You may be asking yourself what in the world spirituality has to do with heart disease. The mind and body connection is something that hasn’t been dealt with very much in western medicine, but the concept isn’t new to some of the more traditional eastern medicine practices. Thankfully, western medicine is slowly catching up in this field, and the research just might surprise you.
Hopelessness Influences the Development of Heart Disease
We talked about the type A traits of hostility and cynicism affecting your risk for heart disease, but hopelessness is most strongly associated with heart disease. A Finnish study conducted over 10 years showed that the men studied who reported a moderate to high amount of hopelessness died at two to three times the rate of men with low or no hopelessness. The death rates were higher for all causes, including cancer and heart disease. What’s even more shocking is that this link held up even when the researchers took into account major risk factors such as smoking, high blood pressure, frequent alcohol consumption, and lack of social support. We’ve all heard of the older couples who have been together all their lives, and when one dies, the other one often follows shortly thereafter, even if they were in seemingly good health. Though modern medicine can’t necessarily explain it, it seems straightforward enough. If you don’t believe you have a reason to go on living, why should your body keep going?
Tuning in to Your Heart
People all over the globe have found meditation to be an excellent practice for calming their minds and reducing stress in their lives. Whether its through meditation, prayer, or simply allowing yourself to be still and relaxed, quieting your mind will do wonders for your heart. Dr. Paul Pearsall wrote a very intriguing book entitled “The Heart’s Code: Tapping the Wisdom and Power of Our Heart Energy.” Through studying heart transplant patients over the years, Dr. Pearsall discovered that those who quieted their minds were more able to tune in to the intuitive, gentle energy of their hearts. He is now convinced that the heart has its own energy that pulsates through us with every beat, and that our minds are constantly fighting with our hearts for dominance. Our minds tend to be more active, domineering, and busy. This stimulates our sympathetic nervous system and keeps us moving. When we quiet our mind and simply allow ourselves to sit in stillness, we tap into the energy of our hearts. This is often when our truest selves can emerge, and we become relaxed as our parasympathetic nervous system takes over. We become more trusting, more caring, and more content. Whether you believe, as Pearsall does, that the heart has its own energy that competes with the energy of the mind, the effects of quieting your mind and embracing stillness are obvious to any who give it a try.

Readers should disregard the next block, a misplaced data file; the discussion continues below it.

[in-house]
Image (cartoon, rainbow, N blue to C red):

I encourage you to take some time this week and look at your own life. Are you struggling with feelings of hopelessness? Are you constantly running around with a to do list, never stopping to relax and listen to the beating of your own heart? Make the effort to figure out what’s causing you to feel hopeless or driving you to constant activity, and see what changes you can make in your life to improve your situation. You never know, it just might be the key to finding your own personal wellness.
B. Bower, Hopelessness tied to heart, cancer deaths, Science News, 1996, vol 149.
P. Pearsall, PhD, The Heart’s Code: Tapping the Wisdom and Power of our Heart Energy. 1998, Broadway Books, New York.